Google ousts Apple as investors' technology favourite

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Google ousts Apple as investors' technology favourite

Warwick Ashford

Google has ousted Apple as a favourite among investors because of confidence in Google’s ability to capture advertising revenues.

Shares in Google rose 2.1% to $838.60 in New York on Tuesday, a 35% increase in the past year, compared with a 21% decline in Apple’s share price in the same period, despite a 2.6% gain on Tuesday.

In January, Google reported $14.4bn in revenues for the fourth quarter of 2012 and a record-breaking $50bn in annual revenues year, despite a fall in online advertising revenues.

The quarterly results beat analysts' expectations and were 36% higher than the same quarter the year before.

Apple remains the world’s most valuable company, with its market capitalisation still $100bn higher than Google, but Google’s shares are trading at 25 times profit, compared with a price-to-earnings ratio of less than 10 for Apple, according to Bloomberg.

This is the widest the gap has been since 2005, two years before the competition in mobile devices between the two companies began to intensify, said Bloomberg.

Analysts say investors are willing to pay more for each dollar of Google’s earnings because of optimism that Google will grow its US online advertising market share further than the 40% it currently enjoys.

Google’s competitive position against Apple was boosted even further by Google’s alliance with Samsung Electronics to gain share in the mobile software market.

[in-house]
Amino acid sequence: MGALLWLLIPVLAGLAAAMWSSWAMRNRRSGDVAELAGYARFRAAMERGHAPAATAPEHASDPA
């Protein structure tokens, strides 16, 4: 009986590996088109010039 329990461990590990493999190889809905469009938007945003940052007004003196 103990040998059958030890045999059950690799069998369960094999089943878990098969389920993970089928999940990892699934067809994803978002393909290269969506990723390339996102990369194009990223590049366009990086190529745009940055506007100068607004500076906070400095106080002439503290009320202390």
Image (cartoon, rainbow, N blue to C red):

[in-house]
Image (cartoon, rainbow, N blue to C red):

Analysts say that, while Apple has done well with its mobile devices, Google is benefiting from all areas of growth on the internet, including video, social, advertising and mobile.

By capturing 67% of the web search market and 70% of the smartphone software market, Google is well-positioned to benefit from the shift to mobile devices and to digital advertising.

Google has also moved quickly into mobile advertising, commanding 55% of the US market for mobile ad revenue in 2013 and 57% in 2014, according to EMarketer

Meanwhile, Apple’s revenue growth is slowing and its margins narrowing in the face of increased competition led by Samsung and other users of Google’s Android operating system (OS).

Smartphones using Android OS software make up more than two-thirds of the global market, while Apple’s iOS accounts for only 21%, according to IDC.

Apple is faces the challenge of releasing new products to build on the successes of the iPod, iPhone and iPad.

Analysts say the difference between the fortunes of Google and Apple highlights the strength, predictability and constant demand of advertising, compared with consumer electronics.

They say making money from services instead of devices is increasingly thought the better business model.


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